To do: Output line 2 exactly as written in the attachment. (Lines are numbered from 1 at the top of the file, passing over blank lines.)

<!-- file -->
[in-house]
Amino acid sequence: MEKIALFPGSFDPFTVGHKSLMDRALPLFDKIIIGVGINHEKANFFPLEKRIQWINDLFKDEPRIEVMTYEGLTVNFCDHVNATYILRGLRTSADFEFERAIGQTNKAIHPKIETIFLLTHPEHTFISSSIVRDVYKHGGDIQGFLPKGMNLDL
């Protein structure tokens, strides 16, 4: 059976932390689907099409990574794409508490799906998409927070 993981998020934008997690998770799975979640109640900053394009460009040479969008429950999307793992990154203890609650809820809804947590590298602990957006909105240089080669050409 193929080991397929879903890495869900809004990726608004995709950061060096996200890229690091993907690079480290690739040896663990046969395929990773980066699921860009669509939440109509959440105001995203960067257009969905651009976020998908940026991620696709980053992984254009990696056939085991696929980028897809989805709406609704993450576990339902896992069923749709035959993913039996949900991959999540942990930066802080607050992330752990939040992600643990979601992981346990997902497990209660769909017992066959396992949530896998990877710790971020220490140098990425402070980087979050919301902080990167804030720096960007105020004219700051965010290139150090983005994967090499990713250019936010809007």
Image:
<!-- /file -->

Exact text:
Amino acid sequence: MEKIALFPGSFDPFTVGHKSLMDRALPLFDKIIIGVGINHEKANFFPLEKRIQWINDLFKDEPRIEVMTYEGLTVNFCDHVNATYILRGLRTSADFEFERAIGQTNKAIHPKIETIFLLTHPEHTFISSSIVRDVYKHGGDIQGFLPKGMNLDL